August 31, 2012
This one is for my friend, Debbie.
I don’t know why, but there was always—always—a kid in class who knew how to push my son’s buttons. He always knew how to get under his skin. And he did it without being too obvious to the teacher. [Of course, if and when my son retaliated, he’d be the one to get caught. Unfortunately, it takes a while for many of our kids to master the art of subtlety.]
Some kids were more difficult than others. And as the parent with a child with an ASD, it was my duty to take action.
Now before you jump all over me and accuse me of being too protective of my child, let me come clean on a few things. Yes, I realize it’s important to let our kids fight their own battles. I realize we can’t shield them from everything life throws at them. And yes, I realize we can’t keep them in a bubble forever. But, during these elementary school years when they’re learning how to tie their shoes, keep their hands to themselves and play nicely with the other kids, it’s important that we protect them so they can focus on these key matters without distraction. And because I took these steps for my son when he was young, he’s now able to do this on his own. And that’s pretty cool.
Teachers and fellow students benefit when everyone in the class is happy. When “one of those kids” irritated my son, disruption ensued. Through teacher communication I discovered that my child’s behavior improved significantly on days when “one of those kids” was absent. Put two and two together—it’s not rocket science, friends.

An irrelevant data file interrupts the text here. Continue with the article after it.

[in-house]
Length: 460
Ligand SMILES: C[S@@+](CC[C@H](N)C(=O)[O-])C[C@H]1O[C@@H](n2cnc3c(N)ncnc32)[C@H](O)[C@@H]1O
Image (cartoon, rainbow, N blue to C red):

So I made an appointment to see the teacher. She agreed that the combination of my son and “one of those kids” was not a good mix—so much so that we got it written into his permanent school file and our IEP that throughout elementary school he would not be in class with that other student. And he never was.
Boy, did that save everyone lots of heartache! My rule of thumb is this: if my kid and another have a history of causing trouble—no matter who started it—they have a history. And I make sure teachers are aware of it. Tip: To be diplomatic, never mention the other student’s name.
Epilogue: I’d be remiss if I didn’t point out this: removing or relocating one problem kid will not make your child’s life perfect. Count on someone else to fill that spot. But try to think of them as learning opportunities [perennials] rather than nuisances [weeds]. There will always be someone who rubs your kid the wrong way—to different degrees. And it’s your job to teach your child coping skills.